Madras High Court has hit out at a private university for “usurping the power of Bar Council of India” in fixing the quantum of attendance and denying three students permission to pursue their law degree course in third year.
The three students B Murugan, V Karthikeyan and M Radhika were denied permission to pursue their third year BA BL course in Saveetha School of Law, Saveetha University, for not fulfilling the college norms of having 80 per cent attendance in each subject. The students have above 80 per cent attendance in all subjects except one or two.
Justice V Dhanapalan after hearing the petitions of three students stated that as far as legal education is concerned the regulating body is Bar Council of India whose rules contemplate a minimum of 70 per cent attendance.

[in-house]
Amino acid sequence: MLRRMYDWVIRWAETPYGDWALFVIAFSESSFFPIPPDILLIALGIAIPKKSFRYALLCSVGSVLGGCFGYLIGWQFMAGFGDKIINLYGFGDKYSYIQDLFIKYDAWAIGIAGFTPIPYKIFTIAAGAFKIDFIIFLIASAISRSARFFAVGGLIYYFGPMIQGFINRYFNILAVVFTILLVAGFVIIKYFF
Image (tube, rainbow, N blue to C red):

“When that is the position, the university, under the guise of achieving higher standards and excellence, is usurping the power of BCI and insisting on certain standards beyond what is contemplated under the rules and regulations of the controlling body,” the judge stated. “Various law universities and law schools in India have aimed to achieve excellence in legal education but they are within the parameters of the rule of law and the dictum laid down by the Bar Council of India,” the judge observed.
“Though these petitioners have a shortage of attendance in some subjects, they fulfil the criterion of having 70 per cent overall attendance, as prescribed by Bar Council Of India,” the judge stated.